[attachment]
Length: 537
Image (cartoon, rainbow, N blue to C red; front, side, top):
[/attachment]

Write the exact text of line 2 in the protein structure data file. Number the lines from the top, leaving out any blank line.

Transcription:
Image (cartoon, rainbow, N blue to C red; front, side, top):